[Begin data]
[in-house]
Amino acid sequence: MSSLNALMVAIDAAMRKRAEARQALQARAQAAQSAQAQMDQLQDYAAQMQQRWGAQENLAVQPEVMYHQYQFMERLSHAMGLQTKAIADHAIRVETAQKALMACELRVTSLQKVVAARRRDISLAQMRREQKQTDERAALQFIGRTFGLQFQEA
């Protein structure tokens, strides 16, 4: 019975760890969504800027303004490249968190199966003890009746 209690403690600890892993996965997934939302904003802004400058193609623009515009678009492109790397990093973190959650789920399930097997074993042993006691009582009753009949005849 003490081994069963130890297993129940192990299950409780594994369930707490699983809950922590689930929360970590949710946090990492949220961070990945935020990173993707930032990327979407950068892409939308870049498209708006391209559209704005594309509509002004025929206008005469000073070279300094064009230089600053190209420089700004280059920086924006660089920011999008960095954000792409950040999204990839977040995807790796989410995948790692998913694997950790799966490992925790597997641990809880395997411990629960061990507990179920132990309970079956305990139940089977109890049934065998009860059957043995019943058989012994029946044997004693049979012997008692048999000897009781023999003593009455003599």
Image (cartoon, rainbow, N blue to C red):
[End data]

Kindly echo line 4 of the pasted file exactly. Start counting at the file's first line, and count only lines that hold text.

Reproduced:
Image (cartoon, rainbow, N blue to C red):